2019/20 Season HUB Weekly Farm Update as at 9th April 2020

Table 1: Farmlet feed wedges and general information

*If you are struggling to view the tables and wedges you can download the pdf here

General Farm Information

Table 2: Key Numbers 9th April 2020

Kale Fodder beet
Soil temp (C) 12.8
Rainfall (mm) 9.6
Milker Total Dry Matter Allocation 16 16 (Std) and 15.5 (LI)
Animal Summary Std Kale LI Kale Std FB LI FB
Pink Blue Green Yellow
Number milkers out of farmlet herd 3 3 7 3
Number OAD milkers 187 155 186 149

Key Decisions: this week

  • What’s driving our key decisions this week?
    Cull cows are still on farm and look to be for a while longer, supplements for the FB farmlets are tight until we can start feeding the fodder beet, and pasture cover is declining for two of the farmlets. We know that the same pressures are applying to many other farmers in Southland and we discuss our decisions throughout this report in more detail. The key decisions we are making to ensure correct dry off pasture cover and BCS at calving include:

    • Changed our milking frequency to once a day
    • BCS the herd and identifying the lighter cows that have early calving dates; earmark to dry off but continue feeding at milker feed allocations to ensure BCS gain
    • Dry off Johnes cows and empties that are low producing
    • Use dry culls for clean up around the farm and sent to graze Long Acre, feed baleage and hay so that demand on the milking platform is reduced.
    • Constant revising of our feed budgets and comparing our APC actual vs. predicted.
    • Application of N fertilizer to our Std. farmlets (due to kind autumn weather this is still an option for farmers if not already done)
    • Keeping in touch with our stock agent
  • This week Holly was able to do the farm walk. From the wedges you can see that the Std. FB are struggling to hit feed demand with their pasture covers and requiring extra supplement to do so. In the tables below produced by our autumn feed budget, the LI FB farmlet is significantly below predicted pasture cover. The Std. kale farmlet, however, has lots of grass and we will have to make sure that the residuals are met as they try to eat it all.

Figure 1: Autumn feed budget APC actual vs. predicted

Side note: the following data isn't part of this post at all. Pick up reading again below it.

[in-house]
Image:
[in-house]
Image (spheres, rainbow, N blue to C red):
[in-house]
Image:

• We are still waiting to get our culls away which is impacting on our autumn feed budget. It was decided, to take the pressure off the LI FB and Std FB, we will dry off the LI FB empties & Johnes and Std FB Johnes cows. The dry cull cows will be used to graze behind the milkers, clean up rougher patches of the farm and laneways.
  • Once we have dried off the LI FB and Std FB, a decision will need to be made regarding the low BCS at risk cows and when to dry them off.
  • The PKE-barley blend will continue to be the main supplement for the Kale herds with baleage the main supplement for the fodder beet herds until fodder beet feeding starts. The farm team are assessing pasture mass each afternoon to determine how much baleage is required but we are tight for baleage for the FB farmlets. In the graph below it shows the amount of supplement feed vs. what was budgeted for each farmlet. Both the LI farmlets have eaten on average 50kg DM/cow over budget compared to the Std. farmlets which have eaten 6kg DM/cow (Std Kale) and 13kg DM/cow (Std FB) more than budget.

Figure 2: Supplements fed vs. budgeted for each farmlet 

General Notes:

  • Last week we completed the first crop yield estimates on the 20 crop paddocks on farm. Samples were processed and put into the oven for DM determination. From the yield samples, Dawn will convert into tonnes of crop and update the autumn and winter feed budgets. In the graphs below you can see where the FB and Kale crop yields sit compared to the 2018/2019 season. We have determined that the FB crop, although below the previous season, has more leaf which will hopefully drive bulb growth, depending on the weather we get between now and grazing.  The kale is also below the previous seasons average, sitting currently at 10.4t, but we had already predicted a lower yield in our budget (12t) and still have 6 weeks of growth left to catch up.

Figure 3: 2020 FB yield and leaf % compared to 2018/19 season

Figure 4: 2020 kale yield compared to 2018/19 season